Courses Taught

N237: Nursing Concepts in the Care of Women, Children & Families (Distance Education)

N231: Fundamentals of Research & Collective Collaborative Practice                               

N233: Care of Families in Transition: Childbearing & Childrearing Years           

N298: Introduction to Pharmacology: A Pathophysiological Approach                           


Clinical & Simulation Supervision

N234: Integrating Nursing Roles & Practices II: Care of Childbearing & Childrearing Families

N298: Introduction to Pharmacology: A Pathophysiological Approach (Simulation)                     

N208: Foundations of Health & Health Systems                                                                                        

N245: Healthy Aging



van Wijlen, J.E. & Aston, M. (2019). Applying feminist poststructuralism as a framework for exploring infant feeding interactions in the neonatal intensive care unit. Witness: The Canadian Journal of Critical Nursing Research, 1(1), 59-72. https://witness.journals.yorku.ca/index.php/default/article/view/12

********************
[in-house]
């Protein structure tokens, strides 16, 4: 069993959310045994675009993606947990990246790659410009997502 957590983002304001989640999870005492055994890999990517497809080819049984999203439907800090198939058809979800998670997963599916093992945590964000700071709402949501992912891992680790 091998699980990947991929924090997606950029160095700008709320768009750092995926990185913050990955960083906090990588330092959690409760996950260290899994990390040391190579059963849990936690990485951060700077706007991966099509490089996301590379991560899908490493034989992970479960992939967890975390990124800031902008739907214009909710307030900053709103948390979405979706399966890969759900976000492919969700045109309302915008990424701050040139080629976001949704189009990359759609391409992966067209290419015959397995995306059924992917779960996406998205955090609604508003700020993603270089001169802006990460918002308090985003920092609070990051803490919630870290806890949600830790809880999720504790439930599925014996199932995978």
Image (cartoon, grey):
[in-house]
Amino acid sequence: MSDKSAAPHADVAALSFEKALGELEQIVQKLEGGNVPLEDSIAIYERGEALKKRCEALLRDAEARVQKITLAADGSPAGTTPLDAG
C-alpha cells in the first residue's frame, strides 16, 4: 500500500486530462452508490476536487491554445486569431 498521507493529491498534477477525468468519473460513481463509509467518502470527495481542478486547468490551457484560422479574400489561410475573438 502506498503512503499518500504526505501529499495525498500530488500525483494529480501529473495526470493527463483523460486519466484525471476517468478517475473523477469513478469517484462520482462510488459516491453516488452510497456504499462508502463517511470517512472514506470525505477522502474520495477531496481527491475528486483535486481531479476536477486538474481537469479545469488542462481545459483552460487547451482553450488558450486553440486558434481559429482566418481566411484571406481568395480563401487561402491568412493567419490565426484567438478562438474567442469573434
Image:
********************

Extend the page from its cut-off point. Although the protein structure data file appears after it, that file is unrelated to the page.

van Wijlen, J.E. (2018). Breastfeeding woman or lactating object? A critical philosophical discussion on the influence of Cartesian dualism on breastfeeding in the neonatal intensive care unit. Journal of Clinical Nursing, 28(5-6), 1022-1031. doi: 10.1111/jocn.14686.

van Wijlen, J.E. (2016). Healing the healer: A Caring Science approach to moral distress in new graduate nurses. International Journal for Human Caring, 21(1), 15-19.


Carnevale, F., van Wijlen, J.E. & Carter, B. (In Press). Ten ethical principles in palliative care. In Limbo, R., Wool, C. & Carter, B. (Eds.), Perinatal and neonatal palliative care clinical handbook for nurses, physicians, and other health professionals (1st ed.) (Ch. 21). New     York, NY: Springer Publishing Company.


Canadian Institutes of Health Research (CIHR). Implementation of a maternal pertussis immunization program: Improving coverage among Inuit women. Co-Investigator, 2017–2019. $199,992.